This had to be my favourite song in all of Final Fantasy 9. That's impressive, because it's such a long game and not one song besides this one really comes to my mind as defining FF IX, unlike other entries where there have been numerous songs that have stuck out. Not that any of the other songs in FF IX were bad, it's just that this one was the one I connected most within an emotional context.

If I remember the story right, Zidane is down and out after a previous encounter with a crazy powerful baddie (practically god). He's depicted as feeling disconnected and lost emotionally. However, he's roused by the voices of his friends and summons the strength to fight on and topple his creator.

As a voyeur, I felt rather confused myself. Not in a bad way, but in that I didn't understand what Zidane could not as well, so I felt myself sympathize with the main character. Subsequently when his friends start telling/reminding him who he is, he starts to reform what little sanity he has left, I liked that. Combined with this music and the successive battles afterward, I felt propelled to finish the game, almost enthusiastic even.

It was one of those rare moments when a game has carried me down with the character's emotional state, then lifted me back up into high spirits because I really did like all of the characters in my party. I enjoyed each of the other party member's presence so much so that I wanted to join them in the final battle.

It is rather startling how many memories a simple song can bing back when connected to a specific story arc within a video game. Final Fantasy IX was awesome. Everything about it, even the graphics have a certain timeless style that I don't think could be improved upon even with shinier surfaces. I liked the grittiness. Ugh, so good. This song exemplifies everything I love about Final Fantasy IX.










Approximately four years ago, a great strike of wisdom hit me (wisdom physically hit me, yes) while considering my great move to Michigan State University. Archive and store my PSX games (plus my Dreamcast stuff). I took all of the cases and cds, combined them appropriately, and packed them in a giant, cardboard, and untagged fortune cookie box.

Metal Gear Solid (VR Missions), Tenchu: Stealth Assassins, my Final Fantasy collection, Strider rerelease, Warhawk, the PSX Mana game, Vagrant Story (yeah), and all the other games I could list to sound like a really diligent collector (augh, I’m not a collector, just a kid with a lot of fucking time and a good taste in video games) all went into a box hidden underneath my collections of old video game magazines and Foxtrot compilations. Nothing has disappeared and they’re all there when I get back. However, for some reason I neglected to include any of the valuable N64 games my family has purchased into this process.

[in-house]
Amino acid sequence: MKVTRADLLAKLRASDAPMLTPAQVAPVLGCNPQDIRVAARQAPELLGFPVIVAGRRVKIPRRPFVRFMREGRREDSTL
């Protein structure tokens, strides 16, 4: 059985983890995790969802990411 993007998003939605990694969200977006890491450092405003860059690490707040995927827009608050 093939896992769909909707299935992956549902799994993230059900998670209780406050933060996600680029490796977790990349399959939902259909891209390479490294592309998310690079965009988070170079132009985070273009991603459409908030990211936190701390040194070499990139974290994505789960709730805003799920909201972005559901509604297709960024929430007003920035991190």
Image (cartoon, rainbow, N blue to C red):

A terrible mistake this was for my N64 games. My brother has a penchant for lending out games to friends and risking them being lost into the sifting circles of my brother's social life. Mario 64, Mischief Makers, Pilot Wings, and that one N64-release game involving blowing up as much on-screen stuff as possible have all gone missing throughout my absence.

This is a lesson for those youths heading out into the world who leave their collections at home. Beware, no matter if you have only older brothers, they will take advantage. It’s a sad situation. Always protect what you think will be a dear possession in your old age. I will most certainly be a drugged-up (a la Little Miss Sunshine) grandpa gamer in my old age.

I can’t wait to still be playing my Wii and PS2 when I’m old as fuck. Video games give the youth something to be excited for when you get old. I think that you should still have access to the games that will be as old as Atari games are now. I am not that much of a fan of always waiting for companies to port old games or using emulators. I love popping in the real deal whenever I play a video game. I definitely have grown an attachment to my past generation games and will not part with them lest I be homeless and dying of hunger, even then I will flinch.

On a side note, my copy of Power Stone is still being used as a rental to a sort-of family friend since 2000.